Matthew Worley. 2017. No Future: Punk, Politics and British Youth Culture, 1976-1984. Cambridge: Cambridge University Press.
Matt Worley will be in conversation with Steve Ignorant, formerly of legendary punk band Crass. Chair: Cathi Unsworth. DJ set by Tim Wells.
Tuesday 17 October 2017, 19:00
Rough Trade East
Old Truman Brewery
91 Brick Lane
London E1 6QL
19:00 – On-stage “in-conversation” + audience questions // 20:00 – Book signing + Tim Wells DJ set // 21.00 – close.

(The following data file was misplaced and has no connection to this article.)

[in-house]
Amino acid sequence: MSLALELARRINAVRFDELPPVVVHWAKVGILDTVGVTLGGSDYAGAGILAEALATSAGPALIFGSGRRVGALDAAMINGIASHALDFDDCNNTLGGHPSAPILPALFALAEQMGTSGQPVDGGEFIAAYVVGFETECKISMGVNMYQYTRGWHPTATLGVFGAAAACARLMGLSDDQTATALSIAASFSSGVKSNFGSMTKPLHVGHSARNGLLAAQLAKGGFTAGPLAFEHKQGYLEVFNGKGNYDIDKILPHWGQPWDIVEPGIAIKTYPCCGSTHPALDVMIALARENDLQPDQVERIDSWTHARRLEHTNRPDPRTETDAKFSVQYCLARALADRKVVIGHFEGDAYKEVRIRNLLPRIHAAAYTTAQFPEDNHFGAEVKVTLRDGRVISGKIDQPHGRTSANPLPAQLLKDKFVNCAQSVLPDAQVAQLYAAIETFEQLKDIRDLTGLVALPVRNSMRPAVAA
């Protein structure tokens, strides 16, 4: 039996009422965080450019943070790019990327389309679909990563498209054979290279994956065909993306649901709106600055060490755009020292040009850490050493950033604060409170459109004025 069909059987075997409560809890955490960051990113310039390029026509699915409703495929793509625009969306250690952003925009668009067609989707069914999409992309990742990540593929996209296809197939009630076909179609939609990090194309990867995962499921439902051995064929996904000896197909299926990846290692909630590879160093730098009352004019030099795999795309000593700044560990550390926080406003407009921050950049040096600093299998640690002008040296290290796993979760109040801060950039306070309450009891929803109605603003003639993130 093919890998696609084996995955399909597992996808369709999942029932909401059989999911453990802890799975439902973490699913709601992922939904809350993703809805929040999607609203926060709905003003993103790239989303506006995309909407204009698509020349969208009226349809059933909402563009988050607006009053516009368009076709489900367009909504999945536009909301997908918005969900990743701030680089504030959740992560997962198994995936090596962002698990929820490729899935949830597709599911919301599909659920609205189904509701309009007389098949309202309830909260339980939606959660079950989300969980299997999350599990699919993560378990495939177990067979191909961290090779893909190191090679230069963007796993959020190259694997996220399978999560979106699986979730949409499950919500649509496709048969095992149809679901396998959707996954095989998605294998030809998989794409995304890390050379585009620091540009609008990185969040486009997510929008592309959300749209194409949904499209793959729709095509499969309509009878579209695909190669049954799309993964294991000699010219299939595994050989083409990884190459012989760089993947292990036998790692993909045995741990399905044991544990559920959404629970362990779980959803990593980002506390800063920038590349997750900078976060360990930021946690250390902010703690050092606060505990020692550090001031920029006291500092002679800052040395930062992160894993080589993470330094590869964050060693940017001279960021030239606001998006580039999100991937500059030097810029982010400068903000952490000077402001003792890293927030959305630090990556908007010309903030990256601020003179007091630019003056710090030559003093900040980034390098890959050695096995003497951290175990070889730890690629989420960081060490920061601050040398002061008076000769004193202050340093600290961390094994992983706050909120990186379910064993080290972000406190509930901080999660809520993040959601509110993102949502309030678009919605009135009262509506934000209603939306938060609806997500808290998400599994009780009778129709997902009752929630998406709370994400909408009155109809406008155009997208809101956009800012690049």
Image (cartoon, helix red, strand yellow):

‘No Feelings’, ‘No Fun’, ‘No Future’. The years 1976–84 saw punk emerge and evolve as a fashion, a musical form, an attitude and an aesthetic. Against a backdrop of social fragmentation, violence, high unemployment and socio-economic change, punk rejuvenated and re-energised British youth culture, inserting marginal voices and political ideas into pop. Fanzines and independent labels flourished; an emphasis on doing it yourself enabled provincial scenes to form beyond London’s media glare. This was the period of Rock Against Racism and benefit gigs for the Campaign for Nuclear Disarmament and the striking miners. Matthew Worley charts the full spectrum of punk’s cultural development from the se Sex Pistols, Buzzcocks and Slits through the post-punk of Joy Division, the industrial culture of Throbbing Gristle and onto the 1980s diaspora of anarcho-punk, Oi! and goth. He recaptures punk’s anarchic force as a medium through which the frustrated and the disaffected could reject, revolt and re-invent.